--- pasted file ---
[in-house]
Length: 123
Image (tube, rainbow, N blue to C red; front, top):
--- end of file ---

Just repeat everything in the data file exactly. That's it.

[in-house]
Length: 123
Image (tube, rainbow, N blue to C red; front, top):